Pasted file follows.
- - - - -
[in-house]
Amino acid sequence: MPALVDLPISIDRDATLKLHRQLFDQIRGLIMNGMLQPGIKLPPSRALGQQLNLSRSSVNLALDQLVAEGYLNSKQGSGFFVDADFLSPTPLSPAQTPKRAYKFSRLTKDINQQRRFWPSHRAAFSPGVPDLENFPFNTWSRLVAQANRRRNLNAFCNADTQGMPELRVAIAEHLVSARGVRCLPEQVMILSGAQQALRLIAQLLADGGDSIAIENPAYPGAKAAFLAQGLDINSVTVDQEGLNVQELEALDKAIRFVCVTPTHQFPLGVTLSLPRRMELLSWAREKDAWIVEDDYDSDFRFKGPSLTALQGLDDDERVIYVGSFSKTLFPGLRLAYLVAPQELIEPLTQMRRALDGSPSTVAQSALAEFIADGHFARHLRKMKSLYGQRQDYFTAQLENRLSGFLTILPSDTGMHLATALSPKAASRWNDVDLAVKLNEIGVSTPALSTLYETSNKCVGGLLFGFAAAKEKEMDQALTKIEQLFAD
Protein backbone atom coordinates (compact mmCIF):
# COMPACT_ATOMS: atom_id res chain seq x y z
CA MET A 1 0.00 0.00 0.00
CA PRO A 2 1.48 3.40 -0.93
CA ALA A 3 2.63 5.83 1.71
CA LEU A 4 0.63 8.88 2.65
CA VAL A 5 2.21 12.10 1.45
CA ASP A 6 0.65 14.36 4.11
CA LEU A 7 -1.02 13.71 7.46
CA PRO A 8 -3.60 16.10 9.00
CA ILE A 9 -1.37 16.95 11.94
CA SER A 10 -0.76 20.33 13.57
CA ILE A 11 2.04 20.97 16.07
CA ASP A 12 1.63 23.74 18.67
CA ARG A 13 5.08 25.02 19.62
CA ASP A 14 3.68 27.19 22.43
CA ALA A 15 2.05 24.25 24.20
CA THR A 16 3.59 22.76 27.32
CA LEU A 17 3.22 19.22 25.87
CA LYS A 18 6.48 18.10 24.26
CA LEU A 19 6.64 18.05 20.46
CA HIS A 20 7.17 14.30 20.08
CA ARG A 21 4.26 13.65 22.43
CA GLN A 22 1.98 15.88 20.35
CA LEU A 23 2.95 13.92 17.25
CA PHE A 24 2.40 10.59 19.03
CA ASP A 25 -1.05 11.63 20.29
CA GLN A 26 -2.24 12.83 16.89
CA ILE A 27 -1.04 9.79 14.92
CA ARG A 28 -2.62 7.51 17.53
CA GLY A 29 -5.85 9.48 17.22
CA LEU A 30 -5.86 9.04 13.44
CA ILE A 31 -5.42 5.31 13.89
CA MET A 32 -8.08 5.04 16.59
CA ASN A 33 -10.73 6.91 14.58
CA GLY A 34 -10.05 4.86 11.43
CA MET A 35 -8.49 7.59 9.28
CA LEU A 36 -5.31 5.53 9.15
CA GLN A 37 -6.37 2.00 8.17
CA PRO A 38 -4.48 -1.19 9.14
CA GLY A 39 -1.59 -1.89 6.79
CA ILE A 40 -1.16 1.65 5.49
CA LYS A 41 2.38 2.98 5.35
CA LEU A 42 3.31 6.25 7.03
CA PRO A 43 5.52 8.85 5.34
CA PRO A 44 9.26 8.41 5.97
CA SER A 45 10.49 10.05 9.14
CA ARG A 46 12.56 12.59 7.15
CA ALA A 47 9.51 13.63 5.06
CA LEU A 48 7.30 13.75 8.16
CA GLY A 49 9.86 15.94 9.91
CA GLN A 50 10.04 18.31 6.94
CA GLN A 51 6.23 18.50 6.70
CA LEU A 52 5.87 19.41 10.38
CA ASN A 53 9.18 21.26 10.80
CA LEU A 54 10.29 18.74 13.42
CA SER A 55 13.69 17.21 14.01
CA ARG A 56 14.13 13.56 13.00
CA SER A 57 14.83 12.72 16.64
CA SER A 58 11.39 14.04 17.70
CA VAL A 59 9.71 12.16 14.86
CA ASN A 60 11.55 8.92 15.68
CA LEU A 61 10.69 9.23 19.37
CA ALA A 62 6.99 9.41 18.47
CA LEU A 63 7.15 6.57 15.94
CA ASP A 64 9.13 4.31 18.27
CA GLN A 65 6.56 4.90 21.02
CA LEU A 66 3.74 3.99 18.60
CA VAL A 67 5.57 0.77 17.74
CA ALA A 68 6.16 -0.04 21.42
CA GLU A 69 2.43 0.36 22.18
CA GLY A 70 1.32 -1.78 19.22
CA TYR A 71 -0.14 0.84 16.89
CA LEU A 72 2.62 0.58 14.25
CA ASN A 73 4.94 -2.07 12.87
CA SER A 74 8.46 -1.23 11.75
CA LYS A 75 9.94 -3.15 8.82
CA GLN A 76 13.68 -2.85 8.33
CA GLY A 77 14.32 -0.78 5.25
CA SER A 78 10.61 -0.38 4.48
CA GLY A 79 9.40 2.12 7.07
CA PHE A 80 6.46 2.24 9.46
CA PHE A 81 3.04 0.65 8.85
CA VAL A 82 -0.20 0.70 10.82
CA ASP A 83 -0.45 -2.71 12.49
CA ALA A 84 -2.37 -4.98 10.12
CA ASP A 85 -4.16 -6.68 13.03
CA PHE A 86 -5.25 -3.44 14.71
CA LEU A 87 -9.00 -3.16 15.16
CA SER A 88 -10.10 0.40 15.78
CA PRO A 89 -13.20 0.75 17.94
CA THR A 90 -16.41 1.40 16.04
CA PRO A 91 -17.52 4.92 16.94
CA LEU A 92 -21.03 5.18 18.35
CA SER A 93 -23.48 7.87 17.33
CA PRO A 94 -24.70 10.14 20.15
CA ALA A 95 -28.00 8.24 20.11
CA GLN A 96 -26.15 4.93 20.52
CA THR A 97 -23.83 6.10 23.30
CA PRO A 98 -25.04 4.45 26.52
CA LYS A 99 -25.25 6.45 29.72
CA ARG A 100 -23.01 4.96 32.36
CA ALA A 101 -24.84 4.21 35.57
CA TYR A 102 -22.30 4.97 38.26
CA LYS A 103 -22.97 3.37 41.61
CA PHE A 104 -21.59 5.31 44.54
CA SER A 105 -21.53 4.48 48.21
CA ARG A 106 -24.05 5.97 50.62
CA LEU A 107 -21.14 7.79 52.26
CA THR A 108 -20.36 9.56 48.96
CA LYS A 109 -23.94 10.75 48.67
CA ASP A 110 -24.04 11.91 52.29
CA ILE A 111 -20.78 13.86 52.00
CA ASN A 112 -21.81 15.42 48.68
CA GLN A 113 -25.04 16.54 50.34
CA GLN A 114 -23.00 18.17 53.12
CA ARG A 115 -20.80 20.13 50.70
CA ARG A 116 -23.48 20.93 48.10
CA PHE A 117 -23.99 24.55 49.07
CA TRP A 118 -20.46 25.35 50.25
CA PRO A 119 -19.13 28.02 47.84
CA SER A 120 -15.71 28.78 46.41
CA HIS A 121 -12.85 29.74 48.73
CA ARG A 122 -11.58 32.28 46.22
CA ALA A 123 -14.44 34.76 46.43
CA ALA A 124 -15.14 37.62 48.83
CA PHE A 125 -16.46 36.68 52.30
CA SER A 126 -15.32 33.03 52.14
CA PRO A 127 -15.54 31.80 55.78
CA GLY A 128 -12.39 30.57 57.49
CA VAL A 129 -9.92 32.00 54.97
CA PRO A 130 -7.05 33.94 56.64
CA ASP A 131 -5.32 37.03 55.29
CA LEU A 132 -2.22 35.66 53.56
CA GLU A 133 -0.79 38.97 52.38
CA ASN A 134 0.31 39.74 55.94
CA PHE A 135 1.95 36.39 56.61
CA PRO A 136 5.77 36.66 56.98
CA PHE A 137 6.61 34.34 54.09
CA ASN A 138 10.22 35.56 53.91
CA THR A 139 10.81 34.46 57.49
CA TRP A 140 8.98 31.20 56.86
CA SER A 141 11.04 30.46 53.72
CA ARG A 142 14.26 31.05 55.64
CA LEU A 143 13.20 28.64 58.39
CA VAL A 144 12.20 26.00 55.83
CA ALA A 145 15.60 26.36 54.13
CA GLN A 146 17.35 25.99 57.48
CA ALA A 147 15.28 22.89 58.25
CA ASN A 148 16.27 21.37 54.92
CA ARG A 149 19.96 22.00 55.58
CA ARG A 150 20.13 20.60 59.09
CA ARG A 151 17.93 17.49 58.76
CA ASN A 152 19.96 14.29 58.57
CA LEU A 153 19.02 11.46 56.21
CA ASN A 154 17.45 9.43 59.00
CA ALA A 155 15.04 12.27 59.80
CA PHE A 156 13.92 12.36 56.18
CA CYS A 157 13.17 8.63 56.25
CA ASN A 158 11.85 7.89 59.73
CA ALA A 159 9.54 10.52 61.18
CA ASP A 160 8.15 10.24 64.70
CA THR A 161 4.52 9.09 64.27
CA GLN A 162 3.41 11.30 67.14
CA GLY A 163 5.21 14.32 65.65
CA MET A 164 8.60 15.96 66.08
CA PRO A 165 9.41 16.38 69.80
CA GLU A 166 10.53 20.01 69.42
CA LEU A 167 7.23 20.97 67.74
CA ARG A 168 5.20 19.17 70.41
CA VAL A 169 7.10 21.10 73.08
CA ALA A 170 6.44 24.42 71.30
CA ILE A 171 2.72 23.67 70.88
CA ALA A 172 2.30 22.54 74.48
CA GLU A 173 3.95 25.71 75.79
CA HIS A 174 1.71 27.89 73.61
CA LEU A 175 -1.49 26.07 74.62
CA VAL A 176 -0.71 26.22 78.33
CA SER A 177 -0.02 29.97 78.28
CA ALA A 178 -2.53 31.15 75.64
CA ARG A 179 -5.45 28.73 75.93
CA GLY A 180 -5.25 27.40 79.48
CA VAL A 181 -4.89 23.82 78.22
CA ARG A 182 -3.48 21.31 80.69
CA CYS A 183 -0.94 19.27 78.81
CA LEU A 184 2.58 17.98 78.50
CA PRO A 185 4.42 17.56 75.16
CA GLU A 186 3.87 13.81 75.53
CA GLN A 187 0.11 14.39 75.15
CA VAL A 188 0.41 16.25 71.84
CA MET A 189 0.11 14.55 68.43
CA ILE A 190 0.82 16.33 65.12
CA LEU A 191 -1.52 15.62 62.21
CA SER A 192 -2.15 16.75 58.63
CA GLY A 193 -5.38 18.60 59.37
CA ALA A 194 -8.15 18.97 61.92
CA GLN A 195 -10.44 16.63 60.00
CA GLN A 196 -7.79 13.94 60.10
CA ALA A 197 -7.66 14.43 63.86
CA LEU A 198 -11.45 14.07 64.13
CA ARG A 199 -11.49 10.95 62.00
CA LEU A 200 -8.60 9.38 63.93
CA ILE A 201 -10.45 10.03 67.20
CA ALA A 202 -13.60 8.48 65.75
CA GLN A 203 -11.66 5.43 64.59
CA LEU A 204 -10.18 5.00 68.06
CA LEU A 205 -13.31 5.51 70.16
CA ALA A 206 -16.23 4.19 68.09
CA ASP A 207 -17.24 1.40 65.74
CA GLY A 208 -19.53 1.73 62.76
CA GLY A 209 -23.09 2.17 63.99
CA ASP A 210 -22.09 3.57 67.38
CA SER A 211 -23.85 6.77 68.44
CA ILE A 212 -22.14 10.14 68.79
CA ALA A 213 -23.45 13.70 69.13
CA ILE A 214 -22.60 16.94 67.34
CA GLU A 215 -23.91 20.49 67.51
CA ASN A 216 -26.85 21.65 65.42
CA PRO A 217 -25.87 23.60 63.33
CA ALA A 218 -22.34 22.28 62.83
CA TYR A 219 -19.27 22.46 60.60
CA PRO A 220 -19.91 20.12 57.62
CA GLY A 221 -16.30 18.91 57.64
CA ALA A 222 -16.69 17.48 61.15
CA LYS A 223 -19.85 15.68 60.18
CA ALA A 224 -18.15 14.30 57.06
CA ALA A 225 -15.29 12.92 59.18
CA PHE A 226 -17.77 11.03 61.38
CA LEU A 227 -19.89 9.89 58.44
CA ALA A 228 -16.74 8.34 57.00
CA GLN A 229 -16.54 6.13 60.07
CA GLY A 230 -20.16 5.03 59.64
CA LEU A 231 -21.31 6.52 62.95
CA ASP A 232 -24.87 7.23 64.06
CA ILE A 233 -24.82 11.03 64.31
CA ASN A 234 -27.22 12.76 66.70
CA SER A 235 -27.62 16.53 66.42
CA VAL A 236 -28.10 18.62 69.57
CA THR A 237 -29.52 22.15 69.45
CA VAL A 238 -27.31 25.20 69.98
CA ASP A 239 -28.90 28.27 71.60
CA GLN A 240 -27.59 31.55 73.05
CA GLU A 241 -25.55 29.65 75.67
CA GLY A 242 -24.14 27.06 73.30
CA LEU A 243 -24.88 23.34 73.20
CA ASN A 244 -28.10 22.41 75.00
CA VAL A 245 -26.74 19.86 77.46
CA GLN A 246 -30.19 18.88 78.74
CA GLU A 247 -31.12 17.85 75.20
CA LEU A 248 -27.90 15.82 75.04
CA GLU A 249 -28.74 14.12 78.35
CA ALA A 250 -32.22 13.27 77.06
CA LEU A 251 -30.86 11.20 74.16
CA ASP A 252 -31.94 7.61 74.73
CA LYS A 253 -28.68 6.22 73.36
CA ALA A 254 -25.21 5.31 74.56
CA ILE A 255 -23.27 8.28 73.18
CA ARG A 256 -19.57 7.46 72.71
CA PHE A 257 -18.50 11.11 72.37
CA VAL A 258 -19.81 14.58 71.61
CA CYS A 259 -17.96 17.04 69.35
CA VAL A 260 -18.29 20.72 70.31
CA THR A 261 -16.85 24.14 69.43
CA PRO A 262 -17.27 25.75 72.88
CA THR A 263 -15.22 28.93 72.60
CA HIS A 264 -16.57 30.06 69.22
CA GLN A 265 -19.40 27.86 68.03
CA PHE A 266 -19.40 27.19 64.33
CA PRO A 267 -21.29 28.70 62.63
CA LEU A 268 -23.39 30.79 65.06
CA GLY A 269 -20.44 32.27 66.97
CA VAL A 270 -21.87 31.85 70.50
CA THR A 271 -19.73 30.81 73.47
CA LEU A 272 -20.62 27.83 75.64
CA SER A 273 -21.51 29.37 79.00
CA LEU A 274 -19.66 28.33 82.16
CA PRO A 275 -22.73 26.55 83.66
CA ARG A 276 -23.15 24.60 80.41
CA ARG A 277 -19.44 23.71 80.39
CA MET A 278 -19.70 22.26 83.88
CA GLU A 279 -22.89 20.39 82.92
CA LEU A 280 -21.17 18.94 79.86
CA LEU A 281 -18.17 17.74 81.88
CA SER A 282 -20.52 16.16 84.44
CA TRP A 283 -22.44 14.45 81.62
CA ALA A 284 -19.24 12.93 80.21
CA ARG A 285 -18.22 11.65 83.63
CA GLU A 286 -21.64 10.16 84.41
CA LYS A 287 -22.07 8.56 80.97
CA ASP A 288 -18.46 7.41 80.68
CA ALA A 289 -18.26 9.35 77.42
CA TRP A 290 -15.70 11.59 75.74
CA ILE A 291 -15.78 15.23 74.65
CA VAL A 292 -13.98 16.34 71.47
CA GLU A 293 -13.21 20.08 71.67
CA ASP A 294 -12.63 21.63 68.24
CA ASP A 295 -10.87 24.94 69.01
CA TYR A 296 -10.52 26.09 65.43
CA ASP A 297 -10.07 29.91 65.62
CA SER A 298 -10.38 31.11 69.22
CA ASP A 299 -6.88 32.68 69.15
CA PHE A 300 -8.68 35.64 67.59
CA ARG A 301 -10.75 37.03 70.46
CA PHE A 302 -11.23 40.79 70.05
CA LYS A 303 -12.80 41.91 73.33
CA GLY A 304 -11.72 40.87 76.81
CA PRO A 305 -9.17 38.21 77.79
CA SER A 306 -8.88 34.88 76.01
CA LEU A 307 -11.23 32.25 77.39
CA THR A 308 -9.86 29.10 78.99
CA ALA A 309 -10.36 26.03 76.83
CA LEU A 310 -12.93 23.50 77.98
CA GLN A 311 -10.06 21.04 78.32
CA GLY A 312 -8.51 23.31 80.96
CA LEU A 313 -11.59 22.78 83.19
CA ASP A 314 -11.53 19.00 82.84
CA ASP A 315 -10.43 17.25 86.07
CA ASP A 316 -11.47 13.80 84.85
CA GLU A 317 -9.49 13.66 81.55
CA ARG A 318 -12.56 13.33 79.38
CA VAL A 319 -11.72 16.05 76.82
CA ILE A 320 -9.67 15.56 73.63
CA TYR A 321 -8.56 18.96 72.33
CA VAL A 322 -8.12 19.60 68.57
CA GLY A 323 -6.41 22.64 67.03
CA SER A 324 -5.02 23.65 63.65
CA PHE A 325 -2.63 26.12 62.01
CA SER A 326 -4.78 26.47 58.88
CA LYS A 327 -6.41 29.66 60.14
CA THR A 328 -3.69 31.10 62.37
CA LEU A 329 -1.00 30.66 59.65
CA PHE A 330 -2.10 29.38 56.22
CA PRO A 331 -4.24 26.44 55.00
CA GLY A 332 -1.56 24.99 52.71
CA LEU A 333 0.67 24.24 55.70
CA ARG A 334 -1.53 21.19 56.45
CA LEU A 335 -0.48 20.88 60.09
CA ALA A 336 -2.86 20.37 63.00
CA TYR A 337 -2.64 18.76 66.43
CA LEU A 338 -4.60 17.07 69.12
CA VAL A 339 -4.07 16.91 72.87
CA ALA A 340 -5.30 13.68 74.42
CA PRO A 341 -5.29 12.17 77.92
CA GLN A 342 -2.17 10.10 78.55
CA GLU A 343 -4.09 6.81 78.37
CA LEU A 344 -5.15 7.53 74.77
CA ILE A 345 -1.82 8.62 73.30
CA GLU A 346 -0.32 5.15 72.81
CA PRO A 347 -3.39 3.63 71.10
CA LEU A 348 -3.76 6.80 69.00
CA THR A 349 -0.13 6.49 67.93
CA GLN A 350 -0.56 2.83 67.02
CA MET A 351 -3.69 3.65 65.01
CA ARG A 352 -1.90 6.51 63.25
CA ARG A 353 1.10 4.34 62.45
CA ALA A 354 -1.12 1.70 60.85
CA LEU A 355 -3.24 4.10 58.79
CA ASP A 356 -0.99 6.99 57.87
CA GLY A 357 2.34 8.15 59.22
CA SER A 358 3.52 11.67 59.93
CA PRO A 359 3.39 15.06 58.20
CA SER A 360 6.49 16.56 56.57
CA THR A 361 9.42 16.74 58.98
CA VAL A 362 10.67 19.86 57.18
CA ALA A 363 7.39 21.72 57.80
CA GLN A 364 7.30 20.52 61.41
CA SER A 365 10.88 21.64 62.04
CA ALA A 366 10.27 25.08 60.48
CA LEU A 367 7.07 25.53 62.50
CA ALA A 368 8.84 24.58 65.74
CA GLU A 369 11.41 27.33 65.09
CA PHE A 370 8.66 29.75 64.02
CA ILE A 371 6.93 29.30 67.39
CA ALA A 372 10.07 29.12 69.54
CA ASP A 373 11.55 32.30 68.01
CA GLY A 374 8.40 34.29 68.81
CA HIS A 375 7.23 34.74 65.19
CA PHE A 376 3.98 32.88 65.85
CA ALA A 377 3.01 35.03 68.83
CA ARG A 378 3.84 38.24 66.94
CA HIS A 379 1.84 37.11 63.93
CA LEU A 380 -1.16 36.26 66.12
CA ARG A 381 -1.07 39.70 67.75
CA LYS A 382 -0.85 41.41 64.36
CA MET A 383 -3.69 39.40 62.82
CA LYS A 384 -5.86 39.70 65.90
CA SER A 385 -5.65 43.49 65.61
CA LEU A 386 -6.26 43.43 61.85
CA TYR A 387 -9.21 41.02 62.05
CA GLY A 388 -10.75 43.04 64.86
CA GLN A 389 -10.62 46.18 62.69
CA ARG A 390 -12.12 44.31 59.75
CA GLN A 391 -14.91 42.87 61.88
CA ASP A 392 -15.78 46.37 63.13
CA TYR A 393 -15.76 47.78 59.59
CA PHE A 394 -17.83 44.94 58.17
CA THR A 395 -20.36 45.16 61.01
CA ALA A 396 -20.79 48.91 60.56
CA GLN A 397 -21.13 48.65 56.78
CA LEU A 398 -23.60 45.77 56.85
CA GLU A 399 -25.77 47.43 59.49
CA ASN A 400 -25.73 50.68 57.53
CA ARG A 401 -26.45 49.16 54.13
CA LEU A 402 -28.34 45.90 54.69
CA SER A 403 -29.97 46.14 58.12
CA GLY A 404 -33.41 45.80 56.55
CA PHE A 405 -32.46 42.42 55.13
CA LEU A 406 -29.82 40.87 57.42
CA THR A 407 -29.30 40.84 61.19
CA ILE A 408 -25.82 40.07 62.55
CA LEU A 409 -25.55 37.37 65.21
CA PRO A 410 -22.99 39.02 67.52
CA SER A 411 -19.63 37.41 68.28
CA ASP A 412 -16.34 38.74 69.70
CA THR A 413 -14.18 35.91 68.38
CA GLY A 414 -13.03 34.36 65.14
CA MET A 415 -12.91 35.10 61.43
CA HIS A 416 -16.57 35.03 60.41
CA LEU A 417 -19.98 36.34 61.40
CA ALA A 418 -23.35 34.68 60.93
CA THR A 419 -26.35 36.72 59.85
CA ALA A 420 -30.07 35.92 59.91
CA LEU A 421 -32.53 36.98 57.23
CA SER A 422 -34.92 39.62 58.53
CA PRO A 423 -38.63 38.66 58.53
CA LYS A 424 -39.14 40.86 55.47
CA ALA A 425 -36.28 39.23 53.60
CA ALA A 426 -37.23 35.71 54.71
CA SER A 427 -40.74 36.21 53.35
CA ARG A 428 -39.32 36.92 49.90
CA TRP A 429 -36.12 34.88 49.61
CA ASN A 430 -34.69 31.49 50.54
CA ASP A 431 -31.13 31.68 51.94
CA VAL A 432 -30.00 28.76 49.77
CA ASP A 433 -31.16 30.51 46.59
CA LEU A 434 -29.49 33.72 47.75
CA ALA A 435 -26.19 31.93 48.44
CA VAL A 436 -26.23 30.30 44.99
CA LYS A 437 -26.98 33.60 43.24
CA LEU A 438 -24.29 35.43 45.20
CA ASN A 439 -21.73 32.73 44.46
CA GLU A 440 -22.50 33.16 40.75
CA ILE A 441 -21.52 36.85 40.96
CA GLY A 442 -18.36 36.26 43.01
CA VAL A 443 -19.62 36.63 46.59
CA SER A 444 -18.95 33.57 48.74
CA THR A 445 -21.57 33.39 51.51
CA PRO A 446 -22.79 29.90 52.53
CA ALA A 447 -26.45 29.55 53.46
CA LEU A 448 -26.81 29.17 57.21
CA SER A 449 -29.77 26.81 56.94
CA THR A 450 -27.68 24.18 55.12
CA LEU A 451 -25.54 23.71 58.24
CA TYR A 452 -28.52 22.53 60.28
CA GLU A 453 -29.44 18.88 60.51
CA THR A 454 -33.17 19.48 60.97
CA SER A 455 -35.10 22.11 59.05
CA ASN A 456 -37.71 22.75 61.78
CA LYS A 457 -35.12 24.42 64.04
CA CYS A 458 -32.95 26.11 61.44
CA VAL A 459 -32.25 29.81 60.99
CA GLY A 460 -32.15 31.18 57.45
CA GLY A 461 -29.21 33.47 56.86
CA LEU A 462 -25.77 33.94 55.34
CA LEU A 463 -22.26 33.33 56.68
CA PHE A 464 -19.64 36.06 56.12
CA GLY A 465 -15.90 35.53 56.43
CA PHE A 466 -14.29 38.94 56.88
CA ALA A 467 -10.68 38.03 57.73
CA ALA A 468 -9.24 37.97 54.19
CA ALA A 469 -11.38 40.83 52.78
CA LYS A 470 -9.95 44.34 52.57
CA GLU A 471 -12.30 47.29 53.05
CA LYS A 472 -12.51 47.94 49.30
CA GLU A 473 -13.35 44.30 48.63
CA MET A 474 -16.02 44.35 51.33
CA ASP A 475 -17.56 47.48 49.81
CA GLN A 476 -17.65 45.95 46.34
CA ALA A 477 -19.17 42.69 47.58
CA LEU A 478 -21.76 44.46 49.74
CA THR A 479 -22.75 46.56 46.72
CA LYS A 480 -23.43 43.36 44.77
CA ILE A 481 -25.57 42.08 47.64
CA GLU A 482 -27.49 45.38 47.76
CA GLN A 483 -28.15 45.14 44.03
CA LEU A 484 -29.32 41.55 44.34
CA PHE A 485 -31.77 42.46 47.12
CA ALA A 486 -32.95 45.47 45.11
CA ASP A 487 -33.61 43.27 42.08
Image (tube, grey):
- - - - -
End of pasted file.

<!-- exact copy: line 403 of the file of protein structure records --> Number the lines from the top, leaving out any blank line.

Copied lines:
CA GLU A 399 -25.77 47.43 59.49